Leading in Maine: Portland’s journey to become Certified Welcoming
In October 2022, the City of Portland, Maine became the first in the state to become Certified Welcoming and among the first in the New England region. In this blog, we asked Mary Davis, Interim Director of the city’s Housing and Economic Development Department, and Angelina Klouthis Jean, a consultant for the city’s Natural Helpers program, what the journey was like to achieve the Certified Welcoming designation.
What compelled the city to commit to becoming Certified Welcoming?
The City of Portland really valued the opportunity to learn about best practices, opportunities, and challenges from peers across the county, which brought us into the Welcoming Network. Once we became involved in the training opportunities, it was clear that there were tremendous benefits from going through the Certified Welcoming process as a tool to bring local partners into the important work to foster a sense of belonging for all.
The Certified Welcoming process gave us actionable micro-steps to bring partners both internal and external to our core team at the city into the work.
What were some of the challenges of bringing local partners together prior to the Certified Welcoming program?
One challenge we had was coordinating classes and training for those learning English as a new language. There were many providers throughout the community, but no one was coordinating them or asking, “Was anyone being overlooked? Do we need to have more or less classes?”
The Office of Economic Opportunity (OEO), which lies within the Housing and Economic Development Department, initiated a collaboration between the different providers and opened lines of communication to coordinate scheduling and align on the curriculum. The Certified Welcoming process helped identify other areas within the community that struggled with the same issues; it brought value to collaboration and produced an impact.
What do you think makes Portland uniquely positioned to be a Certified Welcoming place?
Portland has always been a welcoming community, with many people willing to share in and assist with making others feel welcome. It is a special place and the community has repeatedly shown a willingness to step up.
A few years ago, many asylum seekers arrived in Portland and it overwhelmed all of our systems. But everybody came together, locally and statewide, to figure out housing and food solutions; volunteers welcomed others into their homes. Soon, other communities began leaning on Portland to come up with solutions.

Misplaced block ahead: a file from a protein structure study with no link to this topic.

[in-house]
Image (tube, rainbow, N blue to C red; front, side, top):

The Certified Welcoming process emphasizes the welcoming spirit of Portland. Welcoming is something we’re always working on and striving to be better at. When the pandemic began, Portland worked with Zoom at the corporate level to facilitate live translation and interpretation for our public meetings into the 5-6 languages spoken in our community. The city was one of the first to take this approach and work with Zoom directly on the solution.
How does being Certified Welcoming help Portland stand out from the surrounding communities?
Our hope is that we can use this tool to bring surrounding cities in our community to this work in order to best serve community members throughout the region.
What were the most affirming aspects of the Certified Welcoming process?
It was amazing for us to see how often our Natural Helpers program served as a reference point on how we are advancing our welcoming work.
The Natural Helpers program allowed us to establish relationships across communities and keep them going in the long term. Anyone in the community can join, regardless of background, and through the cohort, we help foster relationships between different groups that otherwise may not have met.
Having those contacts and the ripple effect they have in the community supports the work we were doing as a Certified Welcoming city.
What were the biggest challenges of undergoing the certification process?
The pandemic really interrupted our work. We were scheduled for our Certified Welcoming audit in March 2020, and ended up putting it on pause until June of 2022. The audit was an important reminder for all of us that it was time to re-engage in that work.
The process of updating our existing language access policy and implementing the updated policy was also delayed due to the pandemic.
What do you believe will have the biggest impact on Portland residents as a result of becoming a Certified Welcoming place?
This is an important opportunity to recognize the hard work of so many partners, including the departments of police, fire, social services, health and human services.
Outside of local government, the English learning collaborative, Catholic Charities Maine, Office of Refugee Services, University of Southern Maine, the Maine Immigrants’ Rights Coalition, the OEO advisory team, and many more partners were also vital to the impact of our Certified Welcoming designation.
We are excited to use our audit report as a tool to prioritize our work and solicit support from community partners, city leadership, and elected officials.
The Certified Welcoming designation lasts for three years. What do you hope to achieve in that time to retain the designation?
We have a lot of work to do with language access. The city is committed to this work. We hope to work in partnership with a new department of Justice, Diversity, Equity and Inclusion to provide training for staff and enhance our service delivery in the top languages spoken in our community, among them Portuguese, Arabic, and Spanish.
What are some recommendations or suggestions you have for other cities considering becoming Certified Welcoming?
Start a Natural Helpers program! It will help fulfill many of the Certified Welcoming requirements. In addition, the Natural Helpers Program and the Certified Welcoming process has long-lasting benefits and fosters a sense of belonging within the community.